Secreted in Monday's contrite statement of apology from Antony Worrall Thompson, for the repeated theft of cheap plonk and cheese from his local supermarket, was a mistakes-were-made disclaimer: the TV chef said he would "seek the treatment that is clearly needed".
Worrall Thompson hasn't always had an easy life, but the treatment he needs in this case is a few hours of community service. If he's still feeling glum afterwards, then he should seek some other form of treatment. But to conflate his glumness with shoplifting is, surely, to over-diagnose an example of standard human behaviour.
With the release of Steve McQueen's new film Shame, this week has also brought a spate of stories about "sex addiction". Comedian Jeff Leach – who is good-looking, 27 years old, and mildly famous – was given an hour by BBC3 to complain about having slept with 300 women, and being unable to hold down a serious relationship. I know a few 27-year-old men, yet to hold down serious relationships, who would be overjoyed to have slept with 30 women, let alone 300.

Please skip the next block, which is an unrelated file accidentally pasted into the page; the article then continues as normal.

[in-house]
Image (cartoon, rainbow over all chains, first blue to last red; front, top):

Odd, isn't it, that all the self-proclaimed sex addicts we hear about seem to be good-looking male celebrities, at whom women must thrust themselves with some regularity: Tiger Woods, David Duchovny, Russell Brand. If I looked like Michael Fassbender, I might have a decent chance of becoming a sex addict, too.
In the era of free love, Shame might have been a saucy rom-com about a promiscuous rogue who can't find true love. In this more neurotic age, we're invited to pity the wealthy, successful, good-looking sex addict, and to plead mental health issues when we get caught filching cheese from Tesco.